Why the Collapse of US Banks is Good News for the Stock Market?
The recent sharp decline in regional US bank stocks has raised concerns in the market that a domino effect could occur, creating additional risks for the financial sector. However, this may actually be good news for the stock market in the long run. Analysts believe that more banks will likely go bankrupt in the near future, even if the events of the last few days do not result in a repeat of the Lehman collapse. This is based on a loss of consumer confidence in many regional banks, leading to a sharp drop in the stocks of several firms during yesterday’s session.
Meanwhile, US Treasury Secretary Janet Yellen and President Joe Biden have announced that the government is prepared to allow the bankruptcy of several financial institutions and their shareholders. The rescue plan was designed for two banks, SVB and Signature, in the hope that it will not be necessary for many other banks, which would pose a risk to uninsured depositors in other banks.
The issue is not that other banks will not face the same problems as SVB, but rather that a higher interest rate leads to risk-free government bonds yielding higher returns. SVB invested in long-term treasury obligations and other fixed-income securities, such as mortgages, despite the Federal Reserve warning last year that rates were rising. For a bank with $200 billion in capital, the lack of control over interest rate risk is simply staggering.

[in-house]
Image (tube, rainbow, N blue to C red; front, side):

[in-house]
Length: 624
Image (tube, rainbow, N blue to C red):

However, on the other hand, recent events may be favorable for the stock market, as a softer Fed policy and a rate hike of only 25 basis points rather than the expected 50 basis points is precisely the “bullish” signal that investors needed to ease the pressure that led to the banking crisis. With reduced expectations of a rate hike in March, the US can avoid the domino effect and mitigate most of its losses, despite the pressure on bank stocks.